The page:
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goin’ lumberjack: making my own live-edge hardwood desk

This project started with three ideas.

1. I’m moving to Portland.

2. In Portland, they’ve got wood.

3. In Portland, I’ll need a desk.

So, without really thinking anything through, I found Urban Hardwood Recovery online and emailed Tyler, the owner. After he gave me an idea of hardwood pricing & convinced me that making a desk wasn’t crazy (even for somebody who has no woodworking skills), I decided to go to his warehouse in Aurora, OR.

In Aurora, I found Toby J’s Wood Art. And at Toby’s, I found a huge selection of wood. After looking over the wood & assessing my budget, I decided that I could afford to build my own live edge hardwood desk.


So, less than 24 hours after touching down in Portland, I bought a 6′ slab of live-edge sweet gum wood. And crammed it into the back of my cheap rental car — only to discover that the fit was so tight that I couldn’t drive the car anymore (the perils of being too tall).

So, if you buy an unfinished 6′ slab of wood, what do you do with it? Basically, there are three preparatory steps:

1. Plane the wood so that the surface is completely flat.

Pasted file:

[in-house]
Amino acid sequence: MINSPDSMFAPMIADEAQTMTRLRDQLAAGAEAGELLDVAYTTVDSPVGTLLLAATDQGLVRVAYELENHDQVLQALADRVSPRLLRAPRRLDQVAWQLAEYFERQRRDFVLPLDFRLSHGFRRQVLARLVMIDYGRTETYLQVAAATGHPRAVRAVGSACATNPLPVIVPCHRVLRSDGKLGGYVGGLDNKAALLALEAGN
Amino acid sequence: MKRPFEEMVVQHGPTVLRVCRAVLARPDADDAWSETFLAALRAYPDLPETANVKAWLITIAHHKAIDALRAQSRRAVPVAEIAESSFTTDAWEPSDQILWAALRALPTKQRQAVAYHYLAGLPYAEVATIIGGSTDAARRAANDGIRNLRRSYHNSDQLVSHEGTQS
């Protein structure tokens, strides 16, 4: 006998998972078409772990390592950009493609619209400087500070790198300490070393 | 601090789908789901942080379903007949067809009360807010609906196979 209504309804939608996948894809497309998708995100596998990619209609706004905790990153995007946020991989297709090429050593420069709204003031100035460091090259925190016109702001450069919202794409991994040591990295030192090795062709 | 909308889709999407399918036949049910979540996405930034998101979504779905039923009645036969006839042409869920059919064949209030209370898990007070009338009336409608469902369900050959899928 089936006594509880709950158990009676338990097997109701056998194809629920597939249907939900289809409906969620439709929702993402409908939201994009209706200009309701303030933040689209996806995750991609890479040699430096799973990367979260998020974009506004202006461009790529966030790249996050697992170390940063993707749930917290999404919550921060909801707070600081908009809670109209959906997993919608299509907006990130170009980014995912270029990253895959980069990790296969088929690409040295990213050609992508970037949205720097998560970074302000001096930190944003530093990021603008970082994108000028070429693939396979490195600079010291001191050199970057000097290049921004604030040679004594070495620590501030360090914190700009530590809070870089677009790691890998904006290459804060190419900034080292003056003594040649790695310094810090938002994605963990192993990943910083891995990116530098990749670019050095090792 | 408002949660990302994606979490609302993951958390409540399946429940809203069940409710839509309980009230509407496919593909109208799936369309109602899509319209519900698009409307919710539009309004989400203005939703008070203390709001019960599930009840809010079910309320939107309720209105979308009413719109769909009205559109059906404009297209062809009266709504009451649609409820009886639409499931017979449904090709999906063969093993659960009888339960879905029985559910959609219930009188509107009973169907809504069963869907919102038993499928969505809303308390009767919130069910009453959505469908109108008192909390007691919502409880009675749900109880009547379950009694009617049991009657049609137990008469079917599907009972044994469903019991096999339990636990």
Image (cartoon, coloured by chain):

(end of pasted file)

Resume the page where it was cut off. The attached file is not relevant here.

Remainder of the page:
2. Sand the wood to smooth the edges/surface.

3. Seal the wood so that moisture doesn’t damage it.

Preparing and finishing the wood is a little more complicated than this (what do you do with the bark? how do you plane a giant piece of wood?), and fortunately Toby gave me a set of simple directions to follow.

First, planing the wood was beyond my abilities — to do it right, you need some serious equipment. Toby, after wisely assessing my abilities, sent me to a place – Creative Woodworking – that would plane wood on demand and bill in half-hour increments. (If there’s no Creative Woodworking in your area…you can buy planing equipment, but I’m not sure how well it will work.)

Second, since I don’t own many power tools, Toby offered to let me bring the wood back to his shop. There, he’d help me handle the bark & I could use his palm sander to smooth out the wood’s surfaces. So, this time I rented a UHaul pickup to drive my slab from Portland back to Aurora. At this point, the wood was already starting to look great.